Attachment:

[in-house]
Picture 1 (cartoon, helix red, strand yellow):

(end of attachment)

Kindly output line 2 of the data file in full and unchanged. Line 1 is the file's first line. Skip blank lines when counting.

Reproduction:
Picture 1 (cartoon, helix red, strand yellow):